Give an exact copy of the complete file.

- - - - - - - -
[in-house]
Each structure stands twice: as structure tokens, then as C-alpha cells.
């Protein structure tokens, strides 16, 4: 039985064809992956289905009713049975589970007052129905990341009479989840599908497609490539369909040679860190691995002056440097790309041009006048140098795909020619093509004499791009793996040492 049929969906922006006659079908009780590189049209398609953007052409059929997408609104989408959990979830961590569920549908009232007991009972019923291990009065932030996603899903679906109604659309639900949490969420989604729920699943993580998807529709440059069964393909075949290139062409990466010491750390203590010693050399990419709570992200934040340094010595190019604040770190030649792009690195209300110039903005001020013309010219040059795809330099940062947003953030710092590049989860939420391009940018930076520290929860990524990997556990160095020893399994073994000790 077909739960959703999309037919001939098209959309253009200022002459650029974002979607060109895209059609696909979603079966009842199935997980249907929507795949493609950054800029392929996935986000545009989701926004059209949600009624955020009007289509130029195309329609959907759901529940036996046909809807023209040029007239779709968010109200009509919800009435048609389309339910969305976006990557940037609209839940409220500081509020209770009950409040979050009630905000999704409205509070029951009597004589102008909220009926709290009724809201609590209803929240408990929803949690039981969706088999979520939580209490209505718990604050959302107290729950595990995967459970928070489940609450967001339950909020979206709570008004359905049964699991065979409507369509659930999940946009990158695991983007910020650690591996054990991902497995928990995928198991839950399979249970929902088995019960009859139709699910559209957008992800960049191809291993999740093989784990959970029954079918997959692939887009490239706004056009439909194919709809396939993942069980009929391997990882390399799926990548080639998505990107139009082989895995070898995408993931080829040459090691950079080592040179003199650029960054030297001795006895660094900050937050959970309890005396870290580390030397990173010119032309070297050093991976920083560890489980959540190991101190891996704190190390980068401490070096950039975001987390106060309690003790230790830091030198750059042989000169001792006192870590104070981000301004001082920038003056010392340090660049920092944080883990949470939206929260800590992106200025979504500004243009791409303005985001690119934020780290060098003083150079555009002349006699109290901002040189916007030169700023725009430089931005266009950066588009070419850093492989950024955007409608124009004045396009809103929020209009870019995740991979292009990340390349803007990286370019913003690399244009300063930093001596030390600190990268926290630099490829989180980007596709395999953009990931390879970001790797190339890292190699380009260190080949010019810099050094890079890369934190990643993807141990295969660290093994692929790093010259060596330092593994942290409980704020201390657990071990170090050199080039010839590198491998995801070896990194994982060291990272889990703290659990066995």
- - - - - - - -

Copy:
[in-house]
Each structure stands twice: as structure tokens, then as C-alpha cells.
């Protein structure tokens, strides 16, 4: 039985064809992956289905009713049975589970007052129905990341009479989840599908497609490539369909040679860190691995002056440097790309041009006048140098795909020619093509004499791009793996040492 049929969906922006006659079908009780590189049209398609953007052409059929997408609104989408959990979830961590569920549908009232007991009972019923291990009065932030996603899903679906109604659309639900949490969420989604729920699943993580998807529709440059069964393909075949290139062409990466010491750390203590010693050399990419709570992200934040340094010595190019604040770190030649792009690195209300110039903005001020013309010219040059795809330099940062947003953030710092590049989860939420391009940018930076520290929860990524990997556990160095020893399994073994000790 077909739960959703999309037919001939098209959309253009200022002459650029974002979607060109895209059609696909979603079966009842199935997980249907929507795949493609950054800029392929996935986000545009989701926004059209949600009624955020009007289509130029195309329609959907759901529940036996046909809807023209040029007239779709968010109200009509919800009435048609389309339910969305976006990557940037609209839940409220500081509020209770009950409040979050009630905000999704409205509070029951009597004589102008909220009926709290009724809201609590209803929240408990929803949690039981969706088999979520939580209490209505718990604050959302107290729950595990995967459970928070489940609450967001339950909020979206709570008004359905049964699991065979409507369509659930999940946009990158695991983007910020650690591996054990991902497995928990995928198991839950399979249970929902088995019960009859139709699910559209957008992800960049191809291993999740093989784990959970029954079918997959692939887009490239706004056009439909194919709809396939993942069980009929391997990882390399799926990548080639998505990107139009082989895995070898995408993931080829040459090691950079080592040179003199650029960054030297001795006895660094900050937050959970309890005396870290580390030397990173010119032309070297050093991976920083560890489980959540190991101190891996704190190390980068401490070096950039975001987390106060309690003790230790830091030198750059042989000169001792006192870590104070981000301004001082920038003056010392340090660049920092944080883990949470939206929260800590992106200025979504500004243009791409303005985001690119934020780290060098003083150079555009002349006699109290901002040189916007030169700023725009430089931005266009950066588009070419850093492989950024955007409608124009004045396009809103929020209009870019995740991979292009990340390349803007990286370019913003690399244009300063930093001596030390600190990268926290630099490829989180980007596709395999953009990931390879970001790797190339890292190699380009260190080949010019810099050094890079890369934190990643993807141990295969660290093994692929790093010259060596330092593994942290409980704020201390657990071990170090050199080039010839590198491998995801070896990194994982060291990272889990703290659990066995």